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After Advent, a January flower

IN 'Advent', the poet Kavanagh wrote memorably of the desiccation that always follows when young lovers have "tested and tasted too much".

Even a less than devout Catholic like Kavanagh knew that excess was always the prologue to remorse, but as we know to our cost in different but equally fleshy matters, the heart will have what the heart wants. However, whilst too much of desire may lead inevitably to "the Advent darkened room" with its "dry black bread and the sugarless tea", even a natural misanthrope such as Kavanagh could see past the equinox to the prospect that Christ would come "with a January flower".

Advent may just have concluded for us in the Christian sense of the concept. Sadly, the economic version that our Calvinist 'friends' from Europe are imposing on a country which, in its time of tawdry Celtic Tiger glory "tested and tasted" a little too much, will last well past January. But though there will be no shortage of the economic equivalent of "black bread and sugarless tea" next year, we should not succumb too easily to the morose tendency of our post-colonial Celtic nature to embrace the brackish dog of pessimism.

There is nothing so facile as the idiot -- and it is generally a politician -- who calls on everyone to don the rather too tight green jersey of optimism. The 450,000 (and rising) unemployed citizens; the overworked frontline public servant; the struggling self-employed entrepreneur who has no safety net from the State that their taxes funded, or the high-street trader, will struggle to echo the catch cries of visionless idiots about "attitude" solving all woes.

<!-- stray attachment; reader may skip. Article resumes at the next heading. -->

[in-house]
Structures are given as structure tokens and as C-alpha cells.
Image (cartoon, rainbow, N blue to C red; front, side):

The pressures our citizens now face are cruelly real, to such an extent that hundreds of our citizens have responded to the dark days they are facing by extinguishing the light of their own lives. But amidst the current triumphant days of European central bankers and Mistress Austerity, we should not lose sight of the potential for delight, even in everyday existence.

Though the simpler pleasures are underestimated, even in the age of the garden centre, it is unlikely that we will, like Kavanagh, embrace the delights of "barrowing dung under apple trees". Delight, though, can come in different ways -- in the smile of a child; in defying a bank manager and telling him you won't be carried out in a coffin on his behalf; in embracing the craft that invents the delights of a farmers' market or the touch of a lover's hand.

We will never again be what we once were in the Tiger years. We should remember, though, that much of what we cherished then was dross. And whilst we may be much reduced in strength, defiance, desire and purpose will bring us to a better place than where we are now. Our colonial heritage brought with it fatal flaws but also hidden strengths. We have heard much of our weaknesses in recent times but we should allow ourselves to recall that one of our key characteristics is a resilience which to this day impresses Europe.

Strength of purpose, a refusal to bow and an absence of Greek-style theatrics represent the best chance for our resilient people. Endure, surrender neither to European autocrats or local Tetrarchs, keep our natural "animal spirits" and some day the black tea of austerity will be replaced by the "January flower" of recovery.

Sunday Independent